Follow the Start Tree Skirt
Triangle Tips and Tree Skirt Pattern
I had the fun opportunity to be a guest blogger for Elizabeth Chappell over at Quilter's Candy. I appreciate Elizabeth letting me share this free pattern with her readers, and I'm so glad to share it with you as well! Get your pattern here.
Are you looking for a modern version of a classic Christmas tree skirt? Pairing triangles with Chenille-It gives this skirt an argyle pattern. This preppy look will update your Christmas tree whether your tree was freshly cut or dragged from the attic!
If you’ve never sewn with triangles before, you’re in the right place! I’ll share a few tips and tricks that’ll turn triangles from tedious to terrific. (I love alliteration, don’t you?)
As a beginner, there’s no need to buy another ruler before trying out triangles. There are numerous triangle rulers with various heights and degrees. Creative Grids make an equilateral triangle ruler. Die cuts can be used as well. For this tutorial, I’ll be using this 6 ½ʺx 24 ½ʺ ruler with a 60 degree mark on either end.
First, cut your fabric to your desired width. For the Christmas tree skirt, you’ll be using 6 ½ʺ x WOF strips. With the selvage to the side, line up the 60 degree line on your ruler with the bottom of the fabric. Make sure the ruler is over enough so the end of the 60 degree line meets the selvage at the top edge of the fabric. Cut along the side of your ruler.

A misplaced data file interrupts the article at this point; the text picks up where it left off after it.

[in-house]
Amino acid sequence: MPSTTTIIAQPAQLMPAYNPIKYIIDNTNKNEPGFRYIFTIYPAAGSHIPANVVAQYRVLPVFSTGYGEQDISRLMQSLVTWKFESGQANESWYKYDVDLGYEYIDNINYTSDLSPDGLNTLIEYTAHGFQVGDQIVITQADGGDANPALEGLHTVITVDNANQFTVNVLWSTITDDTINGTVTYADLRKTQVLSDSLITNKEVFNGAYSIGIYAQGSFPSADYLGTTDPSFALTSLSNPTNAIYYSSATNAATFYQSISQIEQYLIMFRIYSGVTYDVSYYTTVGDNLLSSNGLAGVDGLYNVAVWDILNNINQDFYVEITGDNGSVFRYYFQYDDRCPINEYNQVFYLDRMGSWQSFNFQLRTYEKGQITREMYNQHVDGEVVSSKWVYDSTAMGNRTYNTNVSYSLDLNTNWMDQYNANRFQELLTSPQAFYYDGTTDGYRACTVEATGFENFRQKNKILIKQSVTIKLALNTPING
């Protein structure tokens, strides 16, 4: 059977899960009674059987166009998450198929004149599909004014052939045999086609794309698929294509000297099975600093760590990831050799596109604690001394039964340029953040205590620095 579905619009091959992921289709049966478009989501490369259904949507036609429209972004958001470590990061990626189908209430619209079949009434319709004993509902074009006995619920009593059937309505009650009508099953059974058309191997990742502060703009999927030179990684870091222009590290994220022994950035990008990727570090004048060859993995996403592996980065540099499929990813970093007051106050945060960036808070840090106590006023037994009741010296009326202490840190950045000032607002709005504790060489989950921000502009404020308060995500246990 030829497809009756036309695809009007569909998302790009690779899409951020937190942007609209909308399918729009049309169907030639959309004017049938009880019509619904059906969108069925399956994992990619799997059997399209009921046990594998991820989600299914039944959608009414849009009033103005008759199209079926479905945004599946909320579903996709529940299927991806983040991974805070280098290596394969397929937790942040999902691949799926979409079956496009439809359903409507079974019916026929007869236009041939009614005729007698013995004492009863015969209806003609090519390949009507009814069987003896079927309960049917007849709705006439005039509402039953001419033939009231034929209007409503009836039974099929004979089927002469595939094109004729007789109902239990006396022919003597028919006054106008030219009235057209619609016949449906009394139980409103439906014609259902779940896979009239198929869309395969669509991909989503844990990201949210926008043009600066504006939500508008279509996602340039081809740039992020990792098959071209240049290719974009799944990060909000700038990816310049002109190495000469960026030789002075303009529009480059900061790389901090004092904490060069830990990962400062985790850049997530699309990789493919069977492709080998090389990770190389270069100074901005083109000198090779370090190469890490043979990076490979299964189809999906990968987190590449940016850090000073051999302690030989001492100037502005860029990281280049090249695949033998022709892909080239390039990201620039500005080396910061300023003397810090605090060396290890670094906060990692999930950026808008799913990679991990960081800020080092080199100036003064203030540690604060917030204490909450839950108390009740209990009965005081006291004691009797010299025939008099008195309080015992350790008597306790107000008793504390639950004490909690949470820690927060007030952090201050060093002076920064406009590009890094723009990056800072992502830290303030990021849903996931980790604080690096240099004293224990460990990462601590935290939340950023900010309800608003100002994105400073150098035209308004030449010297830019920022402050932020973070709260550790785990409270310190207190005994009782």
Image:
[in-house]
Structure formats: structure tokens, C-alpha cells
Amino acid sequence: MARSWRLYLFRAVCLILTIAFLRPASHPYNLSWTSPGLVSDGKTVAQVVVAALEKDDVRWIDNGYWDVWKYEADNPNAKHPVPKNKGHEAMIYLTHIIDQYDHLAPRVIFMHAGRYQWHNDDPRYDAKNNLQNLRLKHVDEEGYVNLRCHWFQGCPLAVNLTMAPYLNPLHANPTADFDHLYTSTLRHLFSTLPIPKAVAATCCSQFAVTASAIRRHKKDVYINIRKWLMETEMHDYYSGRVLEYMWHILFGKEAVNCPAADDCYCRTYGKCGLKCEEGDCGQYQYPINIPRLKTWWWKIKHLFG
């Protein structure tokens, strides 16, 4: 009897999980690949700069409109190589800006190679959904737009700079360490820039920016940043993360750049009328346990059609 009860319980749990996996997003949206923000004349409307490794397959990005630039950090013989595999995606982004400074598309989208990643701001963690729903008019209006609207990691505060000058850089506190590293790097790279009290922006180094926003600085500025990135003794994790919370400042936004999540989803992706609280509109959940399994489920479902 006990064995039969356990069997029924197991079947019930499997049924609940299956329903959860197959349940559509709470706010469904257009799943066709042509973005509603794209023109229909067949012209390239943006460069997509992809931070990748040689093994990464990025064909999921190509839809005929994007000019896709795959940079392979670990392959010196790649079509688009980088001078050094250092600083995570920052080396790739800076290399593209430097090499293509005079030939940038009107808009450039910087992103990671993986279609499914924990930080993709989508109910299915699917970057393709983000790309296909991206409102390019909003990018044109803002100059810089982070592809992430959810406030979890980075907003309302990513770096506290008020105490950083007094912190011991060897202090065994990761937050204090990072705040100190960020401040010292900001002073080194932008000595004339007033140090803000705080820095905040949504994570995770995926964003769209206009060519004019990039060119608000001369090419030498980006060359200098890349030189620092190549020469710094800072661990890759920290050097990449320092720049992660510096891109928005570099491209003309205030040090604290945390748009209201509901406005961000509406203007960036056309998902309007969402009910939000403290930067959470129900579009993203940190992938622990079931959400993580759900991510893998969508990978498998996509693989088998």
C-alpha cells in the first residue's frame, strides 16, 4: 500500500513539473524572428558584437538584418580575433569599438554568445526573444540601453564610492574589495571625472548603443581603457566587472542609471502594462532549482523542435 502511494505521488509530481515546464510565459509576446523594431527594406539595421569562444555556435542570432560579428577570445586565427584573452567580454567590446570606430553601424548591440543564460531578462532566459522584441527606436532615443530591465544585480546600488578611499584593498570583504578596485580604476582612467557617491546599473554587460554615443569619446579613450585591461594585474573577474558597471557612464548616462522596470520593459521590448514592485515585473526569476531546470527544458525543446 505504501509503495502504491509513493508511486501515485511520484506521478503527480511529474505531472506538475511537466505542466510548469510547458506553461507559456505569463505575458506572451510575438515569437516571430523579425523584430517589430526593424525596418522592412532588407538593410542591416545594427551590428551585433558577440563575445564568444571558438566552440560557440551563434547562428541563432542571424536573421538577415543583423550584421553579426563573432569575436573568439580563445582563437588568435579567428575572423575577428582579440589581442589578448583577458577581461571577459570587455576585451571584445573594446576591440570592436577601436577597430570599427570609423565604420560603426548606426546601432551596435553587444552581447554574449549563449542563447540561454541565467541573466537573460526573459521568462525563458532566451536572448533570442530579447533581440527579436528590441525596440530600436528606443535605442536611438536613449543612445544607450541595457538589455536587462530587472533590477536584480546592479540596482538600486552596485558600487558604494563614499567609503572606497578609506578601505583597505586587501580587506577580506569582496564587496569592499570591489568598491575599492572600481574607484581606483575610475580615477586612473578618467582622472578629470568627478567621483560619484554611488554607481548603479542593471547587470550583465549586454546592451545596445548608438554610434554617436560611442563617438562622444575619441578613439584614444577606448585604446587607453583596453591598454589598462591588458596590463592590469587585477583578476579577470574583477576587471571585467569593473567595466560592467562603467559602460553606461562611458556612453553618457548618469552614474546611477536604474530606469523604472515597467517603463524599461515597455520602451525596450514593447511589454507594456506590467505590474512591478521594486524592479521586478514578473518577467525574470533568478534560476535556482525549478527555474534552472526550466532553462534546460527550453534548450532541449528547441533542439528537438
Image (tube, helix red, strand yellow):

Flip your ruler to the other end to use the opposite 60 degree marking line. Line the ruler with the triangle point, keeping the 60 degree line along the edge of the fabric.
Straight-of-Grain vs Bias
Before piecing, you must find the non-biased (or the straight-of-grain) edge of each triangle. When sewing with triangles, it is crucial to keep the non-bias edge of the triangle on the bottom or top of your pieced strip. Why is this important? The biased edges will stretch and can distort your quilt top. The straight-of-grain can be found easily by gently tugging on each side of the triangle. You need to find the side of the triangle that doesn't stretch. Remember, two sides will stretch (bias) and one side will not (straight-of-grain). We will piece the biased sides so the straight-of-grain will be on the top or bottom of the triangle.
Match up your triangles perfectly, RST. Stitch along the biased edge. When you open your triangles, the straight-of-grain will be on the bottom of the first triangle and the top of the second triangle.
I finger press the triangles open, but you can press with an iron. However, pressing after every triangle takes a lot of time. I’m busy and usually in a hurry (or have a child climbing into my lap!) so my finger pressing is sufficient for me! I press to the left so that the triangle on the right is flat across the back. Whichever way you press, continue to press in this direction for the entire row.
Line up another triangle and match the points. Stitch again, press open, and continue until your row is assembled.
When attaching rows, it is very important to match the triangle points. Your points should be ¼ʺ from the edge of the row. This way, your points will match when you sew your ¼ʺ seam. You can pin carefully or use a dab of glue to hold the fabric in place.
Sew with a ¼ʺ seam to piece your rows. You can press seams open to reduce bulk or press in one direction. There you go!